WASHINGTON/BUENOS AIRES (Reuters) - The International Monetary Fund on Friday increased the size of a standby financing agreement for Argentina to $56.3 billion in a deal that toughens previously agreed fiscal measures.
Argentina’s President Mauricio Macri agreed to a $50 billion IMF deal in June, hoping it would stop a run on the country’s peso currency. But the peso kept falling, forcing him to renegotiate the agreement.
The new deal will require the government to make deeper spending cuts and increase taxes to bring the South American nation’s primary fiscal deficit, projected at 2.7 percent of gross domestic product in 2018, to zero next year. Macri is preparing to run for a second term in late 2019.
Argentina’s economy, which has been racked by high inflation, slid into recession after a drought in early 2018 sapped grain exports.
In a letter to the IMF, Argentina said it expected inflation to peak at more than 40 percent in January then fall quickly in 2019.
The letter also said Argentina expects an economic contraction of between 2 and 3 percent of gross domestic product in 2018. The government had previously expected a 2.4 percent contraction this year.
“We expect the recession to continue for the rest of 2018 and into the first quarter of 2019, with a recovery to begin in the second quarter of next year,” an IMF official said.
IMF Director Christine Lagarde said a 2019 federal budget proposal approved by Argentina’s lower house of congress would help the government meet its targets.
“Its passage into law will be key to restoring confidence,” she said in a statement.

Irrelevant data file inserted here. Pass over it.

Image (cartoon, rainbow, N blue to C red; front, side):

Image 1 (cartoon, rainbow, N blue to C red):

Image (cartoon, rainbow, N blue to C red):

Foreign exchange and global macro strategist for Standard Chartered bank Ilya Gofshteyn said Argentina’s September trade surplus was key in raising hopes over an economic rebound in 2019.
“Argentine policymakers have reason to feel a bit more optimistic about the adjustment process after the trade balance posted a surplus for the first time in close to two years,” Gofshteyn said.
Cutting the deficit during a presidential election year is almost unheard of in Argentina. Wide swaths of the population have come to rely on welfare programs and subsidies that helped the country recover from a 2002 economic crisis that tossed millions of middle-class Argentines into poverty.
Macri’s popularity has fallen as he has cut pension benefits and public utility subsidies. Riot police fired rubber bullets at anti-austerity protesters in front of Congress on Wednesday as lower house lawmakers debated and then approved the government’s 2019 budget bill, which codifies fiscal targets agreed with the IMF.
The peso sell-off started in April, driven by doubts about the central bank’s ability to roll over its burgeoning stock of short-term debt. The run on the currency was sparked by jittery foreign investors who dumped Argentine paper in favor of safe-haven U.S. dollar assets. The Argentine economy has since slipped into recession, with inflation at more than 40 percent.
The peso, which remained steady following the announcement of the deal, has strengthened this month, but remains about 50 percent weaker than where it started the year.
Reporting by Jason Lange in Washington and Hugh Bronstein, Scott Squires and Cassandra Garrison in Buenos Aires; editing by James Dalgleish and Tom Brown